A study from the UN recently found that 50 million tons of electronic waste, or e-waste, were thrown out in 2017, which is more than 20 percent higher than the amount thrown out in 2015. E-waste has been and continues to be a huge problem, especially as every little thing continues to be made over to include a battery, even greeting cards.
The most important change that can happen is smarter consumerism and a fix it instead of ditch it mentality when it comes to our electronics as well as always ensuring proper recycling when it's time to get rid of them. But having more earth-friendly electronics is also key.
Researchers at Stanford University think they are well on their way to that goal after developing thin, flexible semiconductors and other electronics that are also biodegradable.
Stanford engineer Zhenan Bao has been tinkering with skin-like electronics in her lab for years. Her team has aimed to create electronics that mimic the functions of human skin, namely being stretchable, self-healing and biodegradable. The lab has been able to create stretchable and self-healing electronics in the past and now its finally tackled the final one.
The team created a thin, polymer-based semiconductor that degrades when exposed to a weak acid like vinegar.
“This is the first example of a semiconductive polymer that can decompose,” said lead author Ting Lei, a postdoctoral fellow working with Bao.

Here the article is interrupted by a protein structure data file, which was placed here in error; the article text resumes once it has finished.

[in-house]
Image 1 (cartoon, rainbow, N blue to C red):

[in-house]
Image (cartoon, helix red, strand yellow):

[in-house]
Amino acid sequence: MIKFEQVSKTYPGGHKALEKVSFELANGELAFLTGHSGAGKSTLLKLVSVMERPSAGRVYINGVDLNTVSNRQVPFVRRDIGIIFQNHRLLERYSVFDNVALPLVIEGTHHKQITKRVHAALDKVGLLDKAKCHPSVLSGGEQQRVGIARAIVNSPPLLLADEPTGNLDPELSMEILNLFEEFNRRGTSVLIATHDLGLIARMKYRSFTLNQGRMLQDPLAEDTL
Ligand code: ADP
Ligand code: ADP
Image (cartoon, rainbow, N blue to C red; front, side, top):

The team also made a degradable electronic circuit and a biodegradable substrate material that all of the various electronics can be mounted on. All of these parts are flexible and can mold to smooth or rough surfaces, even an avocado. When their use is no longer needed, the weak acid degrades them into non-toxic components.
The substrate is made from a transparent cellulose and the electronic components are made from iron instead of gold, which is environmentally friendly and not toxic to humans.
These skin-like electronics will have a plethora of applications like skin patches that monitor glucose levels, blood pressure and other vital signs as well as wearable gadgets and environmental monitoring sensors that could be deployed across large areas, sending back data on forest health and then biodegrading when done. The devices could also be implanted in the body for temporary monitoring without having to be retrieved.
Bao's team hopes that biodegradability becomes a part of all electronics not just their skin-like devices.
“We currently have computers and cell phones and we generate millions and billions of cell phones, and it’s hard to decompose,” said Lei. “We hope we can develop some materials that can be decomposed so there is less waste.”